The day before yesterday I was strolling down Lachine Canal when I saw a fat man with a Brazilian Jiu-Jitsu shirt. I've been meaning to practice this martial art, mostly as a yang counterpoint for my yoga practice, so after walking past him I debated if I should backtrack and ask him about it.

"Hmmmm, excuse me, I saw your shirt and wondered if you practice BJJ". He chuckled at the question "I've been practicing for more than 30 years". As soon as he turned around I understood I had made a rookie mistake in my assessment, he was not fat but extremely strong, muscles hiding behind a baggy t-shirt which still could barely contain the girth of his arms and his thick neck.

"I've been meaning to practice BJJ for a long time, and I arrived to Montreal recently, is there any place you could recommend for me to start out?", and that's how we started conversation. He was a black belt, Brazil born fellow. I said "wow you could probably take down anyone" and he replied "yes, but funnily enough it's not just about that, it's mostly about the people. You know? Good people practice BJJ". I grinned and felt the hairs on my arms stand up because this is a theme that has constantly eluded me: how and where do I find good people?

Good people must be understood not in opposition to bad people, I don't believe that there's bad to avoid good people I should hang out with. My understanding of good people is mostly energetic, they are people you can admire and learn from their virtue. And, as the Tao Te Ching claims: a bad person is a good man's job". In this understanding, _I'm the bad person.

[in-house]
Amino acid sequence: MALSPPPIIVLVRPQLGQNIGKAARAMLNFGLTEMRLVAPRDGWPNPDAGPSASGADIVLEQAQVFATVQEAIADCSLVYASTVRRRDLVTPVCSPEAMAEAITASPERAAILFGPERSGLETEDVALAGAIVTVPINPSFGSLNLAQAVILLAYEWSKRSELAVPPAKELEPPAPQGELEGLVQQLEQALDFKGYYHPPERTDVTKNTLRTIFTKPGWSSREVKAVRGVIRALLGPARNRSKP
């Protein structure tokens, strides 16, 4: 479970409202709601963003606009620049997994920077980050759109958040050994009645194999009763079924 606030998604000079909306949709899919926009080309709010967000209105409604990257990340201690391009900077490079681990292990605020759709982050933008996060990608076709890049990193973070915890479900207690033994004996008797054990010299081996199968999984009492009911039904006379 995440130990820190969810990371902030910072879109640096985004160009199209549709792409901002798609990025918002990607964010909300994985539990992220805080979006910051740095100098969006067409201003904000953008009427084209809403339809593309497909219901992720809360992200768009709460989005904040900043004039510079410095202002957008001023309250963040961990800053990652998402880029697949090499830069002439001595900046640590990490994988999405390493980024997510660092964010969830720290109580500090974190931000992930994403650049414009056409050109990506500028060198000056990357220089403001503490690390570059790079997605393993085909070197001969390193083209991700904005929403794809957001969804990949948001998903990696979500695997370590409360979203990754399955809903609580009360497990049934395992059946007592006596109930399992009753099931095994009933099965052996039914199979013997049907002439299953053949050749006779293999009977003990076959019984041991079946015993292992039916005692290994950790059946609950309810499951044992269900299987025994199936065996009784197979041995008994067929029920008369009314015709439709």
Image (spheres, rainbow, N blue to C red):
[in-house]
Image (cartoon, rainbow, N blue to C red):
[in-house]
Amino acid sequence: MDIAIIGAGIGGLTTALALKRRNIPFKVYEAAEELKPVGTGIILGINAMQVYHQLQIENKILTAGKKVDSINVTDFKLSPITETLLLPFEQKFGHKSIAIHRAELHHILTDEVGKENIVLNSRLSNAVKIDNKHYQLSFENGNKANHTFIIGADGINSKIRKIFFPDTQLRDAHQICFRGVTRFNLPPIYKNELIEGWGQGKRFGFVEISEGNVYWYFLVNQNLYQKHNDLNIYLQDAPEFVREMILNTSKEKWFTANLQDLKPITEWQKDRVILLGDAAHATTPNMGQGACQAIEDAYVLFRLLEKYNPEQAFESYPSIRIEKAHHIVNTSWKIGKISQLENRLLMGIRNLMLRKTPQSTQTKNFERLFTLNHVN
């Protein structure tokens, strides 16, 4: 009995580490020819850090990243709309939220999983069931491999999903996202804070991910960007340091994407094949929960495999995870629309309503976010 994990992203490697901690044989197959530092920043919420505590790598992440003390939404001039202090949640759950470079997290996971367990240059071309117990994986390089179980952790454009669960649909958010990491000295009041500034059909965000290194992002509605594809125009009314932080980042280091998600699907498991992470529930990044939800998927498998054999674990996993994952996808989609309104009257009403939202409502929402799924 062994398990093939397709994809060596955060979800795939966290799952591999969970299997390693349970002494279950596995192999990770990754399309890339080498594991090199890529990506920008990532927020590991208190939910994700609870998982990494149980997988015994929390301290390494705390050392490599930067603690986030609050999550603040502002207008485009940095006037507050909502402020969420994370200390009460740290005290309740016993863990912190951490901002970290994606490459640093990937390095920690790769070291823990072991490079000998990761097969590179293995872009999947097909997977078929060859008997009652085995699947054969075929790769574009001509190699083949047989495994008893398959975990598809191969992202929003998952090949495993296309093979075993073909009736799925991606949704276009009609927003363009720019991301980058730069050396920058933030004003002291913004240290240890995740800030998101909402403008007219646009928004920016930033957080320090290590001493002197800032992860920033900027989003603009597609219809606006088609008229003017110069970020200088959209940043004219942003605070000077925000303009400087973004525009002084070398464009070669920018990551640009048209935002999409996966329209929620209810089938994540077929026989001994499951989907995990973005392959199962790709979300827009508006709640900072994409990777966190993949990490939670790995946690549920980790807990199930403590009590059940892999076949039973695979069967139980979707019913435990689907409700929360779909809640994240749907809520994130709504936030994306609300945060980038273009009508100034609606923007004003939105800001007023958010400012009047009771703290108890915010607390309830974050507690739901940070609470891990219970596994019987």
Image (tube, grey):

At the end of our conversation I asked for a handshake and a hug. Our hug was awkward and I would punish myself a lot for asking for it. I see this pattern repeat again and again: if I push the boundaries of what is socially acceptable for me to do and it turns out awkward, I will relive the moment, feel the embarrassment again and again, say out loud "I'm so stupid"; but then an awareness observes the whole thing with compassion: the awkwardness, the embarrassment, the self-loathing, and I see that in this perspective of purely awareness there is no reason to be embarrassed, on the contrary, it requires courage to ask a stranger for a hug. If it's awkward it's ok.

The next day I was having second thoughts about attending, but I knew they were just made-up excuses for avoiding getting out of my comfort zone. I went to class. I saw a former yoga teacher of mine, but I was too shy to tell her "Hi Nuha, I was your student about a year ago". A man around my age was especially attentive to me, showing me how to tie my belt around my uniform, and then guiding me through practice. It was uncomfortable grappling with other men on the floor, but I was prepared for the physical contact from years of bioadanza, weightlifting and yoga. At the end of the session I was kinda meh I'm not sure I want to do this again. I went to the locker room where it seemed the guys were having a great time, but I felt out of place. I scurried away and left the studio.

As I was walking back home I came to understand here was the reason why I'm so solitary. I find people overbearing and I'd rather be left alone. But this is comfort zone. I wouldn't find them overbearing if I had to do this everyday. I would simply adapt, as I've adapted to the most difficult circumstances in my life. It's experienced as an aversion but I rationally know this aversion to be detrimental to... I'm rationalizing. Something superficial within me is uncomfortable hanging out with other people, something deeper, more primitive, yearns it.

I don't know what will happen. I don't have enough money to pay tuition. I don't know if I want to sign up. I'm still digesting the experience. I love my solitude. I want to meet people. I have contradictory feelings. I'm trying to separate the intuitions that come from fear from those that come from spirit.

It feels like highschool all over again.